Explorations in Electrostatics, magnetism, and Light
Here's an exploration that is so much fun it can even partially cure "senioritis."
Rub a PVC rod with wool and it becomes negatively charged.
Rub a small piece of plastic grocery store bag with wool and it becomes negatively charged.
The repulsive force between the PVC and the plastic can be used to levitate the plastic against gravity.
Scotch Magic Tape can be used to determine the sign of an electric charge.
Put two piece of tape together with the sticky side of one attached to the smooth side of the other, pull them apart and the tape that had its sticky side against the smooth side will become positive and the other negative. Bring these tapes near an object with an unknown charge, look for attraction and repulsion to determine the unknown charge.
If both tapes attract an object with an unknown charge then that object is uncharged. Charged objects attract uncharged objects.
You can rub a styrofoam board with wool and use an aluminum pie pan with a styrofoam cup handle to create high voltages. The high voltage can be used to make a spark to your finger. You can feel, see and hear the spark. A true example of hands-on electricity.
Disk magnets can be used to show that magnetic fields are needed to explain some motions of magnets.
At first the only rules needed to understand magnets were that like magnetic poles repelled, unlike poles attracted and that both types of poles attracted iron objects.
As experiments became more sophisticated it became necessary to include a rule that the force became weaker as the distance between the poles increased.
Here is a simple exploration that can be explained by the forces between magnetic poles
Magnetic Atmosphere Model
Then it became necessary to create the idea of magnetic fields. The magnetic pole created a field that exerted forces on other magnetic poles.
Here is a simple exploration that requires magnetic fields to explain its results. Oh, it's also fun!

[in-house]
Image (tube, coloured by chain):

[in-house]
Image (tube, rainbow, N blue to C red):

Light is a wave in the electromagnetic field.
Electric fields spread out from electric charges, magnetic fields spread out from magnetic poles.
If you accelerate an electric charge, you create a transverse wave in the electric field. The changing electric field in this wave creates a changing magnetic field resulting in an electromagnetic wave.
Pull apart two pieces of scotch magic tape, which have been stuck together with the sticky side of one against the smooth side of the other, one tape becomes positively charged and the other negatively charged. wave the positive tape back and forth and the negative tape held nearby will also wiggle back and forth. By wiggling the positive tape back and forth once per second you are creating a 1 hertz electromagnetic wave that then moves the negatively charged tape.
Tape Electromagnetic wave
At some frequencies near 10^15 hertz this electromagnetic wave becomes visible to humans and is called light.
Part 2 More Light 21 April 2005
Since light is a transverse wave the electric field must oscillate perpendicular to the direction of motion of the wave. This direction of oscillation is described as the direction of polarization of the light.
Light polarization can be modeled as waves on a string or a spring.
Model of polarization of light.
Light also is seen to have different colors when detected by a human eye. The color perceived is related to the wavelength or mixture of wavelengths of the light.
Spectrum of Light
Diffraction gratings can be used to separate light into its component wavelengths.
Various light sources can be examined with a diffraction grating.
A compact Disk contains a metal surface with a spiral track of pits embossed into it. The tracks are so close together they can diffract light.
Here are some explorations using compact disks as diffraction gratings.
View a spectrum in a Compact Disk
Compact Disk Spectra viewing intro
Project a Rainbow with a compact disk
Build a spectrometer with a compact disk
Commercial diffraction gratings are now available at relatively low cost they can be used to project a spectrum of light using an overhead projector.
Project a Spectrum
Scientific Explorations with Paul Doherty
15 April 2005